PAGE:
What’s Canada’s situation in the world?
That’s a tough question to answer these days. It ain’t what it used to be.
The easiest thing in the world right now is to talk about the daunting challenges facing Canada, focusing on the complexities of the Canada-United States, Canada-China and Canada-European Union relationships.
I hear a lot of that stuff. It’s important for farmers to understand how things are changing because farmers are on the front lines of the trade wars breaking out with regularity. They’re not the cause of the wars, but when the great powers decide to send a shot across your bows, farmers and agriculture have to duck the fastest because they are in the line of fire.
Terms and phrases that once summed up our situation and relationships, such as “rules-based,” “multilateral” and “international” now seem quaint, from a time of innocence.
The rules that have defined recent decades are being thrown out by many players, not just China and the U.S. Remember the conflict with Saudi Arabia?
Multilateral organizations and agreements still exist, but they’re slipping into paper-tiger status, unable to exert much power or influence. Think of the World Trade Organization and the North Atlantic Treaty Organization. The WTO is toothless. NATO doesn’t seem to have any cohesiveness at all, at least as long as Donald Trump is boss of that place to the south.
The idea of an international community feels untenable, with the world perhaps falling into a 19th century-like or Cold War era set of spheres of influence.
What kind of words and terms could we Canadians use to describe our situation?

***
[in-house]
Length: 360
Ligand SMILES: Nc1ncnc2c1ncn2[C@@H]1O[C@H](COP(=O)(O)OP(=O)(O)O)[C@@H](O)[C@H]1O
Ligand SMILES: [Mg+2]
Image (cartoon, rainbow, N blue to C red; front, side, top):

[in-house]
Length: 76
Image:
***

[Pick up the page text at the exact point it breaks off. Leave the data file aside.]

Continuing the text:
I ventured out onto the Twittersphere to ask tweeps about that and I got many humorous comments, but also some that seem apt. Actually, most were both.
“Mostly harmless,” from analyst Chuck Penner, was one of the ones that seemed both funny and true, as well as being a reference to a book I should have known.
Two pithily dark ones but maybe also true were “lost,” and “doormat,” from western aggies Ward Toma and Jim Hale.
David Kucher proferred “naïve boy scouts,” and I have trouble denying that image.
A phrasing I particularly like for a new strategy for Canada came from true geopolitics expert Jacob Shapiro of Perch Perspectives — “depoliticize and defuse.” That’s a nice way of summing up Canada’s likely need to duck and cover and become inoffensive.
That approach didn’t work out so well for the janitor in the Kids in the Hall sketch titled Who’s to Blame (check it out on YouTube; it’s worth it), but it worked great for everybody else before him. Maybe we’ll get lucky.
That recalls to me another quintessentially Canadian bit of comedy from Double Exposure. Remember Victoria Penner — Small but Vital Reporter?
Perhaps that’s what Canada can hope to be in this new age of great power struggles and middle power existential dread: small but vital.
That’s on good days. On bad days we’ll probably have to focus on depoliticizing and defusing, being a little less boy-scouty, embracing seeming harmless, and finding a way to not be lost and treated as a doormat.